Green groups call on Target to go solar

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Environment Texas Research and Policy Center

AUSTIN – Target has pledged to put solar panels on a quarter of its stores, but the company could cut pollution dramatically and even save its customers money by putting panels on all of its nearly 2,000 rooftops in North America, advocacy group Environment Texas said today.

“Target has made progress on solar,” said Luke Metzger, Director of Environment Texas. “But, just like the ads say, we ‘expect more,’ especially when the company has so much potential to cut pollution, reduce energy waste, and save money.”

To launch its campaign to get Target to go big on solar, today the group, together with its national federation Environment America, released a new analysis of the nation’s 96,000 “big box” retailers, shopping centers, and grocery chains and their capacity for and progress toward rooftop solar.

Target’s solar potential is second only behind competitor Walmart, which has already installed at least 142 MW of solar energy, which powers 10 to 30% of each facilities electricity requirements.

According to the latest data available summarized in the report, “Solar on America’s Superstores,” Walmart leads the pack in total solar panels already installed, followed by Costco, Kohl’s, and IKEA.

The Target chain has 240 million square feet of roof space suitable for solar in North America, the equivalent of 4,000 football fields. In Texas alone Target has almost three million square feet of roof space among 148 stores that are suitable for solar installations.

Rooftop solar on big box stores like Target is good for the environment, good for electricity consumers, and good for business, the report says.

“As a mom who’s really worried about what global warming and pollution will mean for my four month old son when he grows up, I want to do business with companies who are a part of the solution,” said Julie Montgomery, a Target shopper in Austin. “Target has started to make investments in solar, but I expect more. I like Target and I’d love them even more if they put solar on all their stores.”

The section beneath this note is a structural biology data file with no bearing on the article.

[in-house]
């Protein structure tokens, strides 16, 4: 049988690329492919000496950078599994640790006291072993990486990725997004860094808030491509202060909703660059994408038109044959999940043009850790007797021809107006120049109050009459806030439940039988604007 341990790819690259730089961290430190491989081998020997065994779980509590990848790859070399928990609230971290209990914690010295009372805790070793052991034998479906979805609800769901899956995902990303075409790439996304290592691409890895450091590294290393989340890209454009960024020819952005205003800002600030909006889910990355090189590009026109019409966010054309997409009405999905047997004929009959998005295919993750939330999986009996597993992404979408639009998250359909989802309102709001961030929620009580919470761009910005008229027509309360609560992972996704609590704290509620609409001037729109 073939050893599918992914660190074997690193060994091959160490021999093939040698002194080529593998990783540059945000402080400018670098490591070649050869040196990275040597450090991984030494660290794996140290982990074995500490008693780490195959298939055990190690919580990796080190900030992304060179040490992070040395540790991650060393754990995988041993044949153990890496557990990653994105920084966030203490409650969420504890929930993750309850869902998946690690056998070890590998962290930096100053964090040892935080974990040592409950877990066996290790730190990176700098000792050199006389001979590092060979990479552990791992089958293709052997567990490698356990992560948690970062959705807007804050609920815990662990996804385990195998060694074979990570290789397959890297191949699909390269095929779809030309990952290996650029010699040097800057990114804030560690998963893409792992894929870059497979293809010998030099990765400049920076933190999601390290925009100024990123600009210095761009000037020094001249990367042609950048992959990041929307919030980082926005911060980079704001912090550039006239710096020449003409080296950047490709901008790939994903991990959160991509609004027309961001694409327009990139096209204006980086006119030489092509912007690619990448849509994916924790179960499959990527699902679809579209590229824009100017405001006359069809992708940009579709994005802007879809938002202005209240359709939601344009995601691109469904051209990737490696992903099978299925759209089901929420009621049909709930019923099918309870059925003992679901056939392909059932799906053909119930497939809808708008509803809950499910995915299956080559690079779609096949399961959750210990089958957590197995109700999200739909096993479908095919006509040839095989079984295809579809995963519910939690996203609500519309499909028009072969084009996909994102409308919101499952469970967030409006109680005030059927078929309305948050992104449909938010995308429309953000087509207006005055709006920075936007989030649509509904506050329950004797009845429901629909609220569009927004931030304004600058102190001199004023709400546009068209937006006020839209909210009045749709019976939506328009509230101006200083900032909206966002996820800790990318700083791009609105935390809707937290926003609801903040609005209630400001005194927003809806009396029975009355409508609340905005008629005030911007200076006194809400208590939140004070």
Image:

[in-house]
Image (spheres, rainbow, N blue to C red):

Using existing roof space on all of Texas’s big retail chain stores and shopping centers could increase Texas solar capacity by 15 fold, reducing climate-warming carbon pollution by 4.5 million metric tons annually—equivalent to the energy consumed by 668,000 household yearly.

Producing electricity on rooftops, close to where the electricity will be used, also reduces losses that happen during electricity transmission –  losses which totaled 5 percent of electricity sales in 2012.

Rooftop solar is also good for business. Electricity produced by rooftop panels on all the big box stores and shopping centers analyzed in today’s report could offset enough electricity to save Texas businesses a total of $584 million annually on their electricity bills.

In addition to calling directly on Target and other major retailers to install solar panels on their roofs, Environment Texas and the Lone Star Chapter of the Sierra Club urged local governments to adopt policies to help facilitate rooftop solar, including solar-ready requirements in building codes and solar financing programs.

“Right here in Texas, commercial solar at locations like Target could be offsetting the need for peaking gas plants, saving on their electric bills and helping make our grid resilient against extreme weather by taking advantage of something we have loads of — sunshine,” said Cyrus Reed, Conservation Director at the Lone Star Chapter of the Sierra Club. “With new policies like commercial PACE loans — available right here in Travis County — incentives from some utilities like Austin Energy — and the extension of the federal tax credits, Target and other big box stores are uniquely positioned to move our clean energy economy forward here in the Lone Star State.” 

“Superstore roofs are perfect locations for solar panels. They are mostly flat and almost always fully exposed to the sun,” said Metzger. “We found 4 billion square feet of empty roof space around the country that can and should be put to better use capturing pollution-free energy.”